Having successfully only taken on seven men, the National Sperm Bank (NSB) said it was unable to fund further donor recruitment.
It was set up with a government grant in October 2014 to tackle the shortage of donors, particularly at NHS clinics.
The Department of Health say the NSB's demise will not affect people's access to safe sperm donation services. A shortage of donors often drives patients overseas or to unregistered services.
‘Demand for sperm donations in the UK has steadily grown and hundreds of new donors, who are compensated Ģ35 per clinic visit, are registered each year.’
Based in Birmingham, the NSB received a one-off Ģ77,000 grant from the Department of Health to get up and running. The aim was for the bank to be financially self-sufficient within one year.
It was a joint project run by the charity the National Gamete Donation Trust and Birmingham Fertility Centre, a unit at Birmingham Women's Hospital.
In total, eight sperm donors were recruited since it launched, with one later dropping out.
But with the full donor process taking up to 18 months, the bank was unable to generate income in the second year.
Charles Lister, chair of the National Gamete Donation Trust said: "One of the lessons learned from running the NSB is that the level of ongoing investment required for successful donor recruitment is beyond the resources of a small charity like the NGDT."
Laura Spoelstra, who left her role as chief executive of the NGDT, said, "Once you have a donor at least 70% along the process, you have income. It's a business model. It required a business way of thinking. Once you know you've got income in the pipeline, you can use that to offset costs."
The Human Fertilisation and Embryology Authority estimate that 2,000 children are born every year in the UK using donated eggs, sperm or embryos. The most recent data from 2014, shows 85 licensed UK clinics - both private and NHS - performing sperm donor insemination.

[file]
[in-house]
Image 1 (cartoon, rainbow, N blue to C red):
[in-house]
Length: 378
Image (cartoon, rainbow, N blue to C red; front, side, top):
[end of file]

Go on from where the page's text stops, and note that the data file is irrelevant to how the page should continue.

But the majority of licensed clinics are based in London and the south east of England and treatment can be expensive. The cost of donor sperm from the UK's largest private sperm bank, the London Sperm Bank, is currently Ģ950. The National Sperm Bank was proposing to charge Ģ300 per insemination.
Prof Allan Pacey, a spokesman for the British Fertility Society, believes there is still a need for a national sperm bank.
"It doesn't have to be bricks and mortar, it could be a network. We need better coordination and this just highlights how expensive it's going to be."
Mr Lister said the NSB had demonstrated that with targeted information, "more men are willing to become donors and give the precious gift of life".
He said the NGDT would continue to focus on raising awareness about the need for more UK donors.
Following a change in the law, all children conceived as the result of sperm donation on or after 1 April 2005, have the right to know the identity of their father when they turn 18. But a donor is not the legal parent and is not named on a birth certificate.
The first donations from the NSB will be released shortly by Birmingham Women's Fertility Centre to clinics across the UK.
The centre has its own sperm bank, which will continue recruiting donors.
A spokeswoman for the centre said: "We fully understand and support the decision made by NGDT."
In a statement, the Department of Health said: "We gave a one-off start-up grant to help set up the National Sperm Bank, and while the number of donations have not been sufficient to support it continuing to seek new donors, this will have no impact on people being able to access safe egg and sperm donation services."